Everyone, from kids to adults, dislikes sitting down to complete a standardized test. The crowded, stuffy rooms, the nubby, graphite pencils, the anonymous sheets of empty bubbles — it is a harrowing experience, and most American students must endure it dozens of times throughout their academic careers.
Ostensibly, this is meant to ensure all students receive the same standard of education, so no group has less educational opportunities than any other. Unfortunately, that’s just not how standardized testing seems to work.
Fortunately, progressive schools — particularly online schools — are beginning to place less emphasis on standardized testing scores, and many are eliminating their use altogether. Students interested in attaining higher education should learn about the pros and cons of standardized testing as well as their future education options.
The Dubious History of Standardized Tests
Perhaps one of the most recognized standardized tests, the Scholastic Aptitude Test, or SAT, is taken by nearly 2 million students every year. The goal of the test is to prove to colleges that students have learned what they must — and more — from their high school educations, and to demonstrate that they are more than capable of collegiate careers. As a result, SAT results have become vital application materials, especially among the nation’s disadvantaged groups.
However, the SAT was not designed for that purpose; in fact, it was created in the 1920s expressly to keep out immigrants, minorities, and the poor. During that time, eugenics was on the rise, and educated elite struggled to prove that some races and classes of people were genetically superior. Standardized tests, like the Stanford-Binet Intelligence Test (our modern IQ test) and the SAT, worked to segregate ethnic groups by perceived intellectual capacity.
Unfortunately for the SAT’s creator, his test-making precision undermined his goal. Instead of proving that Nordic whites were superior, his test showed that biological distinctions do not exist. By the 1950s, universities began using standardized tests like the SAT to find the best and brightest students, regardless of ethnicity and background.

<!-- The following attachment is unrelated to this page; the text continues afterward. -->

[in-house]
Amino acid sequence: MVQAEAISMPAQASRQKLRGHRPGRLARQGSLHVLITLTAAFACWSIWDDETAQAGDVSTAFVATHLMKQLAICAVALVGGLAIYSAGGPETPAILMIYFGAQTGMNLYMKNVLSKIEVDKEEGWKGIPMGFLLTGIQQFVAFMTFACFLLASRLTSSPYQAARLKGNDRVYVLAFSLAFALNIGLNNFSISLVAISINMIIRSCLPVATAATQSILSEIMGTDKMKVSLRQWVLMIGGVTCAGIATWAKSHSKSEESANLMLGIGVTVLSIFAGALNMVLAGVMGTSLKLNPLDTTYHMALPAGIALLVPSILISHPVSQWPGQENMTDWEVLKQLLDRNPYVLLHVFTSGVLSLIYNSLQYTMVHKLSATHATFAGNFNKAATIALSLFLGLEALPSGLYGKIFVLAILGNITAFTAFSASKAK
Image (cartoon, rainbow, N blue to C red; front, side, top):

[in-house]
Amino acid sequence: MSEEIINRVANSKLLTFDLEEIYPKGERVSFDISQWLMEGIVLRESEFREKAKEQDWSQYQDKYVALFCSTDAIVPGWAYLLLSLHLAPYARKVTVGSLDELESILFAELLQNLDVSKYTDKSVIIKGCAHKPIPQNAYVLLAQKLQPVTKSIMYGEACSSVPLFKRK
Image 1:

Yet, the SAT remains controversial today. Dozens of critics contend that the test and others like it remain biased against disadvantaged groups, arguing that intelligence cannot be so easily quantified. On one hand, standardized tests allowed the meritocracy to gain power in the 20th century; on the other hand, standardized tests continue to hold many students back.
The Practical Effect of Standardized Testing
Today, standardized testing is no longer optional; in most states, students must not only take but pass a bevy of standardized tests to advance through school and graduate with a diploma. Commonly, these tests measure aptitude in a variety of subjects, but math and English are the dominant skills examined.
However, 1 in 10 Americans cannot speak English fluently, and 1 in 5 households does not use English as its primary language. Further, the English found in most standardized tests is a particular dialect that isn’t used in most regions of the country, so even many native English speakers are disadvantaged on the English portions of these exams as well as others only available in English.
Ultimately, studies on existing standardized tests have found that many of them fail to measure academic content knowledge effectively. Instead, they waste taxpayer money, schools’ time and energy, and student potential for no good reason.
The Solution to Standardized Testing
There could be a happy ending to this sad tale of standardized tests. Slowly, higher education institutions are recognizing that data obtained through standardized testing is at best useless, at worst holding students back, and many are making an unusual decision to opt-out of testing programs. Students who apply to these schools no longer must submit standardized test scores — which gives minority, poor, non-traditional, and other students greater opportunities to succeed.
Online schools, which generally defy traditional systems in favor of productive and valuable methods, are perhaps the leaders in the anti-standardized testing movement. Today, a student can acquire an online MBA, no GMAT required — and because the program exists online, that student will suffer fewer of the restrictions and biases that traditional higher education maintains.
There are critics to this solution. Detractors say that there is no other way to compare students’ academic achievements because schools around the country provide such drastically different levels of study. Some argue that tests merely need tweaking to make them more applicable to students of all walks of life — while others continue to argue that discrepancies between students exist to prove racial or ethnic superiority. The latter is patently untrue, and millions of researchers are busy concocting new standardized tests to address the former concern. However, until a standardized test is proven to give equal opportunities to all students, it might be best to eliminate them altogether.
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